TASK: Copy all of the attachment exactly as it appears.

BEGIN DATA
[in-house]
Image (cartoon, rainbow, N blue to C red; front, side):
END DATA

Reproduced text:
[in-house]
Image (cartoon, rainbow, N blue to C red; front, side):